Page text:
Saturday, October 30, 2010

Bomb Plot Is Said to Contain ‘Hallmarks of Al Qaeda’

Via -

A day after two packages containing explosives, shipped from Yemen and addressed to synagogues in Chicago, were intercepted in Britain and Dubai, setting off a broad terrorism scare, Janet Napolitano, the secretary of Homeland Security, said that the plot “has the hallmarks of Al Qaeda.”


“I think we would agree with that, that it does contain all the hallmarks of Al Qaeda and in particular Al Qaeda A.P.,” she said, referring to Al Qaeda in the Arabian Peninsula.

Ms. Napolitano and the police in Dubai on Saturday confirmed that the bomb discovered in its country in cargo from Yemen bound for the United States contained the explosive PETN, the same chemical explosive in the bomb sewn into the underwear of the Nigerian man who tried to blow up an airliner over Detroit last Dec. 25. That plot, too, was hatched in Yemen, a country that is regarded as one of the most significant fronts in the battle with extremists.

The discovery on Friday of the explosives packed in toner cartridges for computer printers, based on a tip from Saudi intelligence officials, began an urgent hunt for other suspicious packages in the United States, Yemen and other countries.

According to The Associated Press, the Dubai police said that tests showed the printer cartridge also contained lead azide, an explosive compound that can be used in bomb detonators. British forensic officials on Saturday were examining the device found in their country, Reuters reported.


The white powder explosives discovered in Dubai were in the printer’s ink cartridge and were rigged to an electric circuit.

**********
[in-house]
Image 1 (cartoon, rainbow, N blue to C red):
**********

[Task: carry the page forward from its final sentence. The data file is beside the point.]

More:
“The parcel was prepared in a professional way where a closed electrical circuit was connected to a mobile phone SIM card hidden inside the printer,” the Dubai police said, according to Reuters.

The statements released by the Dubai police followed information given by American officials on Friday. Representative Jane Harman, a California Democrat on the House Homeland Security Committee, had said that the packages seized in Britain and Dubai contained PETN, also known as pentaerythritol, a highly explosive substance.

Ms. Harman, who was briefed by John S. Pistole, administrator of the Transportation Security Administration, also said that both packages contained computer printer cartridges filled with the explosive, with one using a cellphone as a detonator and the other a timer.


British officials and security experts said they regarded the use of cargo planes to deliver explosives as a sinister, but predictable, new front in the war against terrorism. By using the freight aircraft as a new “delivery system,” they said, the militants appeared to have moved beyond reliance on suicide bombers boarding passenger planes, the method used in the Sept. 11 terrorist attacks and a succession of attempted attacks.

“This is a new dynamic,” said Sajjan M. Gohel, director for International Security for the London-based Asia-Pacific Foundation, an independent security and intelligence think tank. “Whenever security gaps are plugged, and the threat minimized, terrorist groups will find alternative means of striking their targets. If they can’t go for passenger aircraft, they go for cargo planes; and if they can’t go after cargo planes, they’ll go after another link in the chain.”

President Obama, in a brief national statement on Friday, praised the work of intelligence and counterterrorism officials in foiling the plot.


Lack of Cargo Screening Requirements Opens Door to Terrorists

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